In November, a Belgian court ordered Facebook to stop tracking non-Facebook web users through social plugins on third-party websites. Facebook has been able to follow the web activity of individuals who do not hold Facebook accounts through a special cookie.
"Notice and consent are only part of the equation," Brendan van Alsenoy, a legal researcher at the KU Leuven Centre for IP & IT Law, told ZDNet. Van Alsenoy acted as an independent adviser to the Belgian Privacy Commission's Facebook investigation.
"EU data-protection laws also prohibit processing of personal data that is excessive in relation to the purposes pursued," he said.
Facebook hides a cookie called 'datr' in the code of its social plugins and on Facebook.com. The firm argues that the datr cookie is necessary to secure its services from data breaches.
In particular, the EU is careful to limit how data-tracking cookies are used on health and government websites.
Van Alsenoy said Facebook's Like button is the most ubiquitous social plugin used by third-party websites. It is present on more than 13 million sites, covering almost all website categories, including health and governmental websites.
Most EU member states see health and government websites as essential citizen services, where the user has no other option but to use them. Their content should be open to all users, regardless of their privacy preferences.
Accepting a data-tracking cookie through the Like button on health and government websites then becomes a pre-condition for using these essential services. Therefore, most EU countries believe it is unlawful to place this type of cookie on these websites.
"The Belgian judge considered that Facebook's tracking of non-users, even if it were undertaken only for security purposes, was excessive and violated their reasonable expectation of privacy," van Alsenoy said.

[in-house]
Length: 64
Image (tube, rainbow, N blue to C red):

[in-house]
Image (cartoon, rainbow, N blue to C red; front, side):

Every time a person visits Facebook.com, their browser downloads or updates the datr cookie, regardless of whether they belong to the social network.
By blocking non-Facebook users from Facebook.com, Facebook can ensure these users avoid downloading the cookie in the first place.
Facebook wrote to Belgian authorities in early December, saying that it would block non-Facebook users from accessing content on Facebook, though it is not clear when and if the block has yet taken effect. The court ruled that Facebook must pay €250,000 for each day that Facebook does not comply with the order.
Facebook continues to use the datr cookie outside Belgium and is currently appealing against the Belgian court's decision.
Meanwhile, political pressure at the European level could give the EU more leverage against Facebook. A data-privacy consortium, comprising Belgian, Dutch, German, French, and Spanish privacy regulators, now expects Facebook to comply with the Belgian court order across the entire EU.
Legislation recently approved by the European Commission will also give more power to national data-protection authorities to police the privacy policies of more internet companies.
Following the Belgian Privacy Commission's precedent, national privacy regulators across the EU may legally be able to fine and order corrective action against any website operator that they deem is infringing on a country's privacy rules.